Getting your name on TV isn't too hard
June 1, 2010
Have you ever noticed a radio or TV interview or newspaper article with your competitor’s name and wondered, “How did they get that?”
It’s all a matter of public relations and pitching stories to the news media about your company. Unless you’ve done something wrong, the media usually is not going to seek you out. You’ll have to get them to pay attention to your company and you.
There are two major times of the year that getting your name in the news is more relevant: spring and fall. The media is always looking for things that their audience is interested in. These days it is cutting costs and saving money.
Do you have something that will help their readers cut costs and save money? Absolutely. Getting their systems inspected and cleaned will do this. Your job is to get the media to tell your story. Pitch them with a compelling reason to pay attention to what you have to say.
How do you do this? First, focus on community newspapers, local radio and television stations. Occasionally, big national news outlets may give you some press. However, if the story runs in Honolulu and you live in Atlanta, that coverage does you no good. That’s why it is much better to focus on local media outlets where you can help and benefit from their audiences.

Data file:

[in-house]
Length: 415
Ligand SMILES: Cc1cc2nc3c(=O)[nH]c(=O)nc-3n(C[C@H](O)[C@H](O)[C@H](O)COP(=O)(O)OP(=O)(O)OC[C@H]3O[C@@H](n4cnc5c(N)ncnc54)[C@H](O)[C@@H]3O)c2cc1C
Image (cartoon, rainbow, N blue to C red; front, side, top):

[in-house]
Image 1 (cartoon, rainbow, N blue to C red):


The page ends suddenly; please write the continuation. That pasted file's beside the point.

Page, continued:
Find the right person to receive your story idea. Sometimes you can find out who that person is online. If not, call the media outlet and find his or her name. It might be a producer, an assignment editor, news editor, community affairs coordinator or a person with another title.
If you find the right person online, many times their Web site will tell you how to submit news and stories.
The pitchLet’s assume that you are pitching a story: “The seven ways to cut your utility bill this summer.” Remember that media personnel are time-starved, deadline-crazed and in my opinion, most of them want you to do their work for them.
Put the questions and answers in bullet form. The broadcast media know what questions to ask and what the answers are for their interviews.
Remember to put this information on your Web site, too. The media might check you out before they call.
On the upper right of your story idea, under the heading “For more information, contact” insert your name, e-mail address, daytime and cell phone numbers. Many times journalists work into the night and might need answers at 10 p.m. or later.
At the bottom of your pitch, put “30” with dashes on either side in the center of the page. You could also use three pound marks (###). This tells the journalist that there is no more information. If your questions go to more than one page put “more” in the center of the page. The press release should be no more than two pages
Now is the time to get the media’s attention. The industry has a compelling story. Let the media help you generate phone calls and business.
Copyright Ruth King. All rights reserved. Write to Ruth King, 1650 Oakbrook Drive, Suite 405, Norcross, GA 30093. Call (877) 520-4321; e-mail firstname.lastname@example.org.